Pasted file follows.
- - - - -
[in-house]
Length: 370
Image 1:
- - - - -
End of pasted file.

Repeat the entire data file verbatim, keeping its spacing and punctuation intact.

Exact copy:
[in-house]
Length: 370
Image 1: